Format

Send to

Choose Destination
Sci Transl Med. 2015 May 20;7(288):288ra77. doi: 10.1126/scitranslmed.aaa3575.

The cytoplasmic prolyl-tRNA synthetase of the malaria parasite is a dual-stage target of febrifugine and its analogs.

Author information

1
Infectious Diseases Program, Broad Institute, Cambridge, MA 02142, USA. Department of Immunology and Infectious Diseases, Harvard T.H. Chan School of Public Health, Boston, MA 02115, USA. Biological and Biomedical Sciences, Boston, MA 02115, USA. Harvard/Massachusetts Institute of Technology (MIT) Division of Health Sciences and Technology, Boston, MA 02115, USA. Harvard/MIT MD-PhD Program, Harvard Medical School, Boston, MA 02115, USA.
2
Whitehead Institute for Biomedical Research, Cambridge, MA 02142, USA.
3
Infectious Diseases Program, Broad Institute, Cambridge, MA 02142, USA.
4
Department of Chemistry and Biochemistry, University of Notre Dame, Notre Dame, IN 46556, USA. Center for Rare and Neglected Diseases, University of Notre Dame, Notre Dame, IN 46556, USA.
5
Instituto de Medicina Molecular, Faculdade de Medicina, Universidade de Lisboa,1649-028 Lisbon, Portugal.
6
Department of Biological Chemistry and Molecular Pharmacology, Harvard Medical School, Boston, MA 02115, USA.
7
Department of Immunology and Infectious Diseases, Harvard T.H. Chan School of Public Health, Boston, MA 02115, USA.
8
Infectious Diseases Program, Broad Institute, Cambridge, MA 02142, USA. Department of Immunology and Infectious Diseases, Harvard T.H. Chan School of Public Health, Boston, MA 02115, USA.
9
Center for Systems Biology, Massachusetts General Hospital, Boston, MA 02114, USA. Instituto de Investigação do Medicamento (iMed.ULisboa), Faculdade de Farmácia, Universidade de Lisboa, Av. Professor Gama Pinto, Lisbon 1640-003, Portugal.
10
Departments of Pharmacology and Toxicology and Microbiology and Immunology, Indiana University School of Medicine, Indianapolis, IN 46202, USA.
11
Department of Molecular Biology, Skaggs Institute for Chemical Biology, The Scripps Research Institute, La Jolla, CA 92037, USA.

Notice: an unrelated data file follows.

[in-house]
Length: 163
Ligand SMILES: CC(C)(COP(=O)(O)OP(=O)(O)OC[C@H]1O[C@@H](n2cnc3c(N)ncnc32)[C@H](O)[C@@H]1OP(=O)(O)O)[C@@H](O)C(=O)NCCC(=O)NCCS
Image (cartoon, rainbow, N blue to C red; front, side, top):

12
Department of Molecular Biology, Skaggs Institute for Chemical Biology, The Scripps Research Institute, La Jolla, CA 92037, USA. The Scripps Research Institute, Florida, Jupiter, FL 33458, USA.
13
Whitehead Institute for Biomedical Research, Cambridge, MA 02142, USA. Howard Hughes Medical Institute, Department of Biology, MIT, Cambridge, MA 02139, USA.
14
Infectious Diseases Program, Broad Institute, Cambridge, MA 02142, USA. Department of Biological Chemistry and Molecular Pharmacology, Harvard Medical School, Boston, MA 02115, USA.
15
Department of Developmental Biology, Harvard School of Dental Medicine, Boston, MA 02115, USA.
16
Department of Chemistry and Biochemistry, University of Notre Dame, Notre Dame, IN 46556, USA. Center for Rare and Neglected Diseases, University of Notre Dame, Notre Dame, IN 46556, USA. School of Chemical Biology and Biotechnology, Laboratory for Computational Chemistry and Drug Design, Peking University Shenzhen Graduate School, Shenzhen 518055, China.
17
Infectious Diseases Program, Broad Institute, Cambridge, MA 02142, USA. Department of Immunology and Infectious Diseases, Harvard T.H. Chan School of Public Health, Boston, MA 02115, USA. rmazitschek@mgh.harvard.edu dfwirth@hsph.harvard.edu.
18
Infectious Diseases Program, Broad Institute, Cambridge, MA 02142, USA. Department of Immunology and Infectious Diseases, Harvard T.H. Chan School of Public Health, Boston, MA 02115, USA. Center for Systems Biology, Massachusetts General Hospital, Boston, MA 02114, USA. rmazitschek@mgh.harvard.edu dfwirth@hsph.harvard.edu.

Abstract

The emergence of drug resistance is a major limitation of current antimalarials. The discovery of new druggable targets and pathways including those that are critical for multiple life cycle stages of the malaria parasite is a major goal for developing next-generation antimalarial drugs. Using an integrated chemogenomics approach that combined drug resistance selection, whole-genome sequencing, and an orthogonal yeast model, we demonstrate that the cytoplasmic prolyl-tRNA (transfer RNA) synthetase (PfcPRS) of the malaria parasite Plasmodium falciparum is a biochemical and functional target of febrifugine and its synthetic derivative halofuginone. Febrifugine is the active principle of a traditional Chinese herbal remedy for malaria. We show that treatment with febrifugine derivatives activated the amino acid starvation response in both P. falciparum and a transgenic yeast strain expressing PfcPRS. We further demonstrate in the Plasmodium berghei mouse model of malaria that halofuginol, a new halofuginone analog that we developed, is active against both liver and asexual blood stages of the malaria parasite. Halofuginol, unlike halofuginone and febrifugine, is well tolerated at efficacious doses and represents a promising lead for the development of dual-stage next-generation antimalarials.

PMID:
25995223
PMCID:
PMC4675670
DOI:
10.1126/scitranslmed.aaa3575
[Indexed for MEDLINE]
Free PMC Article

Publication types, MeSH terms, Substances, Secondary source ID, Grant support

Publication types

MeSH terms

Substances

Secondary source ID

Grant support

Supplemental Content

Full text links

Icon for HighWire Icon for PubMed Central
Loading ...
Support Center